In the wake of the recent tragedies: the bombing at the Boston marathon and the fertilizer plant explosion in West, Texas, we are a nation grieving. It is hard to understand how people can intentionally plant bombs and hurt and kill other people. It is unimaginable. Then, in the aftermath of that nightmare, comes the explosion at a fertilizer plant. It is horrific and hard to look at the devastation and aftermath. It started as a fire, and then exploded.
It’s hard to think of such sorrow, grief, devastation and loss. It’s difficult to see the images and hear the stories about either tragedy. Yet, as a nation, we need to see and hear what happened…but despite our anger and frustration, we need to pay attention to the other stories: the ones about other people risking their own lives to help those in need.
It was reported that several marathon runners went to area hospitals to donate blood. And while many instinctively ran away from danger, others ran toward the explosion in Boston to help those who were injured, to do anything and everything they could to help total strangers.
The story, although a very different scenario, wasn’t much different in West, Texas. The fire department in West is made up of volunteer fire fighters. They were the front line between the raging fire and people, homes and nearby businesses. These men risked their lives to try and contain a raging fire. Yet, the plant exploded, killing those very same first responders. Other first responders were trying to vacate people who lived near the plant. Once the explosion hit, it leveled the plant, damaging many homes and businesses, causing significant damage to several other structures.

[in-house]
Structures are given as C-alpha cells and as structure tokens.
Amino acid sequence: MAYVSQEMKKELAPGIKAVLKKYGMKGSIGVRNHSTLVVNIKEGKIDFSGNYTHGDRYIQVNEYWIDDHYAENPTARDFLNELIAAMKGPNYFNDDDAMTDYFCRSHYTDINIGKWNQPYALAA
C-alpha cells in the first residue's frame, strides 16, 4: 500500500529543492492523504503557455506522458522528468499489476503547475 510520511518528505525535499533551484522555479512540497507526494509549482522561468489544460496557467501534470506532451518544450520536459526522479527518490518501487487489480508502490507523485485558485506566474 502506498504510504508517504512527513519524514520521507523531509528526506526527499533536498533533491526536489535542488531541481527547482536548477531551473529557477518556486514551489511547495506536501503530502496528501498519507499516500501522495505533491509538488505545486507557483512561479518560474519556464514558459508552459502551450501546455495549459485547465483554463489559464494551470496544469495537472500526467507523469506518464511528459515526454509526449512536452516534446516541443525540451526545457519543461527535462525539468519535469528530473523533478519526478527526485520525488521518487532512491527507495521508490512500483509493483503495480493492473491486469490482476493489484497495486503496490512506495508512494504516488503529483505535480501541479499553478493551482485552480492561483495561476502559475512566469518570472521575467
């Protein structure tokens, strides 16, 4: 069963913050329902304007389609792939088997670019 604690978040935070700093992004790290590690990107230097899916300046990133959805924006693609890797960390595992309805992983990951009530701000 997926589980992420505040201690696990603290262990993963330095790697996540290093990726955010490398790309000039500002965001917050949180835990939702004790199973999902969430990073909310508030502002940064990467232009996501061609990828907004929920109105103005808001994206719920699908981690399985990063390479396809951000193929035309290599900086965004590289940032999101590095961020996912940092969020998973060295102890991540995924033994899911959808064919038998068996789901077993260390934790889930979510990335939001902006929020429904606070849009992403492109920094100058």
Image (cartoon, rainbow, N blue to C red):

West, Texas has a population of around 2500 people, and through this tragedy, neighboring towns and cities have flocked to help. Within 24 hours, the Red Cross was in place and food, water and clothing were available for the residents who lost everything or needed help. Other people were there quickly to help locate those who are missing. The outpour of support has been tremendous.
Through these recent, horrific tragedies, it is comforting to know that America still has more (many more!) citizens who are good and ready to help those in need…than those who want to cause harm.
As you continue to pray for those killed, injured, the missing and all of the lives these tragedies have touched, please also pray for blessings for those who risked their lives to help. Remember the police, the firefighters, the doctors, nurses, hospital personnel, first responders and the normal men and women who became heroes to us, because they cared enough to help.